South Sudan, born out of the decades-old conflict with the Arab-led northern part of Sudan, was welcomed into the United Nations on Thursday as its 193rd member, DPA reported.
The new nation was immediately given seats for its delegation, headed by Vice President Rick Machar, in the UN General Assembly, which serves as a legislature for the world organization and grants UN membership.
Machar, top UN leaders and government representatives then raised South Sudan's flag in front of the UN world headquarters. The flag is adorned with a star and black, white, green, red and blue stripes.
In his speech, Machar thanked governments and organizations that helped South Sudan end what he called Africa's longest civil war between the two parts of Sudan. The war, which lasted two decades and claimed an estimated 2 million lives, ended with the signing of a peace agreement in 2005. That agreement allowed the south to choose independence from Khartoum.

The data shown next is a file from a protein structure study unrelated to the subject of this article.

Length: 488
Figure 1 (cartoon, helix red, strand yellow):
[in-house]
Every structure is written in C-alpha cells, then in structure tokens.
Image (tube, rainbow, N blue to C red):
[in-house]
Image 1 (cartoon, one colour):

Machar reiterated Juba's pledge to commit to the obligations of the UN Charter in his first speech to the assembly.
"We aspire to a South Sudan where children can go to schools without fear, we aspire to a South Sudan where houses have electricity and water," Machar said, citing an agenda ranging from building democratic and economic institutions to political reconciliation and rule of law.
Government delegates and those representing organizations like the European Union and African Union all welcomed South Sudan.
The UN pulled out all the stops to expedite the admission of the brand new republic just six days after Juba declared independence from Khartoum. On Wednesday the UN Security Council recommended the admission to the 192-nation assembly.
The assembly on Thursday adopted a resolution without a vote to admit the nation of 8 million people, which is still in a state of conflict with the Khartoum government despite pledges by both sides to resolve their differences through diplomacy.
UN Secretary General Ban Ki-moon welcomed South Sudan.
"Just days ago, I was honoured to attend the independence ceremony in Juba," Ban said. "I felt the energy, the potential and the pure joy of the world's newest nation."
Ban said South Sudan has abundant natural resources, arable land, waters of the Nile and its "proud, hard working people."